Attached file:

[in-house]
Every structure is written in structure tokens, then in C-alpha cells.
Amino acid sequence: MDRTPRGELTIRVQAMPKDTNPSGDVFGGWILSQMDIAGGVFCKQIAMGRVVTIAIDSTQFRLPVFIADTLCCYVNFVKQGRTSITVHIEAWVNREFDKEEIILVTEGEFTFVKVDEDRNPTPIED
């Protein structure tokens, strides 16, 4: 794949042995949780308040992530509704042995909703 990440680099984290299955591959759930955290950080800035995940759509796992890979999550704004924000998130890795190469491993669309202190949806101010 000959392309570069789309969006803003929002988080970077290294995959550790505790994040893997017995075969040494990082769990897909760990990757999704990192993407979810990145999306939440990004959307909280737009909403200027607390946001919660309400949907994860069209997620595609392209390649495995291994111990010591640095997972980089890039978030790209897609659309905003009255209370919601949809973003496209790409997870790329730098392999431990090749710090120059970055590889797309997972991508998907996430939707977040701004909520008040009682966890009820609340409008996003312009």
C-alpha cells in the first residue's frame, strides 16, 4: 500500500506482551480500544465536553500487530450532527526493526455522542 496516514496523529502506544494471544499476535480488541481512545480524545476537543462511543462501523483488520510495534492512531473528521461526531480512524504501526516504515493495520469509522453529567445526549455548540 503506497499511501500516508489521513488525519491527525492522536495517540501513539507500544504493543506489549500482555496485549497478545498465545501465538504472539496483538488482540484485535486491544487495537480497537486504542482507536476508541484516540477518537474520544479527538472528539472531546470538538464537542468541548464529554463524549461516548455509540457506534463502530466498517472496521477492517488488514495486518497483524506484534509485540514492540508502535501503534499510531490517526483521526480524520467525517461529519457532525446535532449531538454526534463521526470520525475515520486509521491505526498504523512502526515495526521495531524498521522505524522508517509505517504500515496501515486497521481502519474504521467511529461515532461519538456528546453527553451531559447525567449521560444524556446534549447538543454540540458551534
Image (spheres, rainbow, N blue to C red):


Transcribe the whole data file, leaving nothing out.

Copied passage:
[in-house]
Every structure is written in structure tokens, then in C-alpha cells.
Amino acid sequence: MDRTPRGELTIRVQAMPKDTNPSGDVFGGWILSQMDIAGGVFCKQIAMGRVVTIAIDSTQFRLPVFIADTLCCYVNFVKQGRTSITVHIEAWVNREFDKEEIILVTEGEFTFVKVDEDRNPTPIED
């Protein structure tokens, strides 16, 4: 794949042995949780308040992530509704042995909703 990440680099984290299955591959759930955290950080800035995940759509796992890979999550704004924000998130890795190469491993669309202190949806101010 000959392309570069789309969006803003929002988080970077290294995959550790505790994040893997017995075969040494990082769990897909760990990757999704990192993407979810990145999306939440990004959307909280737009909403200027607390946001919660309400949907994860069209997620595609392209390649495995291994111990010591640095997972980089890039978030790209897609659309905003009255209370919601949809973003496209790409997870790329730098392999431990090749710090120059970055590889797309997972991508998907996430939707977040701004909520008040009682966890009820609340409008996003312009």
C-alpha cells in the first residue's frame, strides 16, 4: 500500500506482551480500544465536553500487530450532527526493526455522542 496516514496523529502506544494471544499476535480488541481512545480524545476537543462511543462501523483488520510495534492512531473528521461526531480512524504501526516504515493495520469509522453529567445526549455548540 503506497499511501500516508489521513488525519491527525492522536495517540501513539507500544504493543506489549500482555496485549497478545498465545501465538504472539496483538488482540484485535486491544487495537480497537486504542482507536476508541484516540477518537474520544479527538472528539472531546470538538464537542468541548464529554463524549461516548455509540457506534463502530466498517472496521477492517488488514495486518497483524506484534509485540514492540508502535501503534499510531490517526483521526480524520467525517461529519457532525446535532449531538454526534463521526470520525475515520486509521491505526498504523512502526515495526521495531524498521522505524522508517509505517504500515496501515486497521481502519474504521467511529461515532461519538456528546453527553451531559447525567449521560444524556446534549447538543454540540458551534
Image (spheres, rainbow, N blue to C red):